When teeth don’t fit together properly, it’s called a bad bite or malocclusion. But where does it come from and how can it be remedied?
How Do I Know If I Have A Bad Bite?
Ideally, the teeth of your upper jaw will overlap the teeth in your lower jaw just a little. If the upper jaw extends beyond what is considered normal, it is an overbite. If the lower teeth extend over the upper teeth, it is an under bite. These are the two most common forms of malocclusion.
Other forms include a cross bite where some upper teeth fit inside the lower teeth, an open bite where teeth that should be in contact with each other do not touch properly, or a deep bite where the upper teeth cover too much of the lower teeth.
Malocclusion can also stem from too many teeth. Teeth may be too large or the jaw too small, In either case, there simply isn’t enough room and teeth may rotate or overlap each other.
The opposite can also happen when there is too much space in between teeth due to a large jaw or small or missing teeth.
Where Did My Bad Bite Come From?
Most malocclusion is inherited, or in other words, you were born with it. There are other factors and habits, however, that can change the structure of the jaw and lead to a poor bite. These include:
Accident or injury that misaligns the jaw. Overuse of a pacifier or bottle feeding in young children. Prolonged thumb sucking in young children or tongue thrusting.
Symptoms of malocclusion
For most people, a malocclusion will be obvious. Simply looking in a mirror will reveal that your teeth don’t fit together properly or that they are damaged. You may also feel that your bite is “off” when you are chewing food.
Other symptoms of a malocclusion are more subtle. Since they may stem from conditions that do not include a malocclusion, it is important to have a trained eye to arrive at a correct diagnosis These include:
Headaches, clicking and popping of the jaw joint, stiffness or soreness in the jaw joint, teeth grinding or jaw clenching at night or during the day or pain upon chewing or biting
How Is a Malocclusion Corrected?
Braces are the standard treatment for malocclusion in both children and adults. Brackets are cemented to the teeth and then a wire guided through and attached. During regular orthodontic visits, the wire is tightened. This gradually moves the teeth into alignment.
Tooth Removal Or Replacement
When the misalignment is caused by too many teeth, some teeth can be removed. In a child, this will be the baby teeth. In adults, removing a permanent tooth is, well, permanent and usually reserved only for severe overbites.
A tooth damaged from an incorrect bite can be cosmetically repaired or a tooth can be added when too much space is the cause of the malocclusion.
In the case of a mild misalignment, a dentist may reshape certain teeth and/or apply veneers.
A veneer is a thin tooth-colored shell that is cemented to the front of a tooth. Veneers cannot correct misaligned teeth and/or jaw, but they can be used to improve the appearance by covering up a broken tooth.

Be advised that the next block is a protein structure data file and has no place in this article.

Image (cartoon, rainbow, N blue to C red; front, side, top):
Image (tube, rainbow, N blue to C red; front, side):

What If the Misalignment Is More Severe?
A severe misalignment will most likely involve the skeletal structure and alignment of the bones making up the mouth and jaw. Severe malocclusion can cause problems with speaking, eating, breathing and sleeping. It may also alter the appearance of the face. Treatments include:
These are used when the misalignment is too great for standard braces to achieve realignment. There are two types. Retraction headgear braces work to move the upper jaw back, thus correcting a severe under bite. Protraction headgear braces do just the opposite. They pull the lower jaw forward and are used to correct a severe overbite.
Reverse Pull Face Mask
This also corrects an under bite. It is similar in looks to the headgear braces but the metal braces are cemented to the upper back teeth. These braces then attach to the face mask that wraps around the face and pulls the upper jaw back into alignment. It is generally worn at night.
Upper Jaw Expander
This is used to correct a more severe under bite. It consists of a wire frame device that fits across the upper palate. The expander is turned a little each night using a special key, thus widening the upper jaw and eventually correcting the misalignment.
Typically, braces or other treatment is performed first to bring the teeth and jaw into the greatest alignment possible.
The second part is performed by a maxillofacial surgeon. Depending on the misalignment, the surgeon will use a combination of metal plates, wires and screws to reposition and reshape the jaw. This is usually performed only in extreme cases where the misalignment affects every day functions such as eating, sleeping or speaking.
Dental Hygiene During Treatment
There’s no way around it. Brushing and flossing during treatment for malocclusion is going to require additional time and effort. With the increase of surface area where food can hide and decay, brushing and flossing is more important than ever. Water flossers or dental floss threaders aid in flossing. Individual floss strands with the ends hardened also make getting under and around mouth hardware simpler. Brushing with a soft toothbrush at a 45-degree angle in small circular motions is optimum for getting the bristles under the wire to dislodge any food. Start at the top of the tooth and then reverse the angle and brush the bottom of the tooth. Repeat this procedure for the bottom teeth.
Ideally, malocclusion is treated when a child or teen as the jaw and teeth are still forming and growing. But favorable outcomes occur at any age. Since the bone structure in an adult is more dense, treatment may take a little longer but a well-aligned jaw is within reach of everyone.